Mar 12, 2014

Muppets Most Wanted [U]

Dir: James Bobin
Sequels are a strange sort of contract between a filmmaker and an audience.  One party promises to deliver something like what the other party previously enjoyed, but without making it so similar that the audience feels that they have been short changed.  On the face of it Muppets Most Wanted delivers to the letter on this contract, but the ways in which it departs from 2012's wonderful The Muppets are likely to be disappointing, especially for an adult audience.

The Muppets often take on familiar film structures and give them their own distinctive spin, last time it was the old canard of getting the band back together/putting on a show, this time it's the caper movie.The film revolves around a case of mistaken identity; when 'the world's most dangerous frog', Constantine, escapes from a Siberian gulag his uncanny resemblance to Kermit allows him to take Kermit's place at the head of The Muppet Show, using it as a front for a series of heists, while Kermit is recaptured by Nadia (Tina Fey) and thrown into the gulag.

The film resumes directly after the final shot of The Muppets (complete with obvious body doubles for Jason Segel and Amy Adams), segueing into a song about the idea of doing a sequel.  This is one of the film's best numbers, suggesting some amusing ideas including one priceless spoof that is the best gag in the whole film.  Soon after, the gang are won over by Dominic Badguy (groan), played by Ricky Gervais (GROAN), who offers to promote their tour and we're off on the caper.

The great thing about The Muppets was that it set the emotional stakes high.  Remember that scene where we find Fozzie in his Las Vegas 'dressing room', or Pictures In My Head?  Those moments, along with many others, were funny, but they combined the laughs with a deep emotional resonance that connected with the audience's relationship to these characters, who many of them have been watching all their lives.  This depth is absent from Muppets Most Wanted.  A few scenes about Miss Piggy's desire to marry Kermit attempt to find something like this level of connection, but with Kermit off in his own story it just doesn't stick.

Alongside its pathos and emotion, The Muppets was bust a gut funny, and that's another area in which Muppets Most Wanted simply doesn't bear up to its predecessor.  There are some funny moments, but the film leans too heavily on cameos, many of which clunk, and for the most part is only mildly funny.  Ricky Gervais is more tolerable than usual as Dominic, but there's still a sense of smugness about him, and I simply don't find him amusing (though the fact that his funniest line comes when he's introduced is unhelpful).  Tina Fey works hard and has a solid enough comedy Russian accent.  She seems to be dubbed for her big song, which is fine, but seems a missed opportunity for some good jokes.  Fey gets much of the funniest stuff in the film as an outwardly cruel gulag boss, mining laughs from the affection she sometimes has for the prisoners (all played by cameoing stars, including one who gets a very funny namecheck).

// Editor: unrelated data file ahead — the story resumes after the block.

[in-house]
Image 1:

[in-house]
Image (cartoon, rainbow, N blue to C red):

The gulag scenes are easily the film's best, not least because they reunite us with Kermit, whose almost total absence from the main storyline just feels strange and makes this feel much less of a Muppet movie.  This side of the film also provides it with a little of the 'let's put on a show' stuff that the Muppets do best.  The caper movie falls down for the simple reason that it just isn't that much fun.  Ty Burrell does his best Jean Dujardin as an Interpol cop paired with Sam Eagle's CIA agent (their joke about badges goes on far too long), but Gervais and Constantine make for anemic villains and the jokes just aren't that inventive.  At two hours or so the movie drags, with the so-so songs (I couldn't hum you any of them bar 'We're Doing A Sequel') and  sometimes flat gags making it wheeze its way to the finish line.  It's perhaps more kid oriented than the previous film, but it's not as if the adult skew of some of the jokes and the emotion of The Muppets (or Frozen, for that matter) left the kids in the audiences I saw it with behind.  By contrast, Muppets Most Wanted often felt like it was leaving the adult audience behind, whether on purpose or by accident.

Ultimately the biggest issue with Muppets Most Wanted is that as I sit here and write this I find myself thinking back on gags and songs and moments not from it but from The Muppets.  That film has lasted in my memory, this one vanished within moments of the credits rolling.

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